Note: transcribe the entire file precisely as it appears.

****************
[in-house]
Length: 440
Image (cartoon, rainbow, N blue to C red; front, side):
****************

[in-house]
Length: 440
Image (cartoon, rainbow, N blue to C red; front, side):